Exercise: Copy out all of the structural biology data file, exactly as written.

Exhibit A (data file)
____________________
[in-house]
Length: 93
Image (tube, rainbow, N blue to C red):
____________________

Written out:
[in-house]
Length: 93
Image (tube, rainbow, N blue to C red):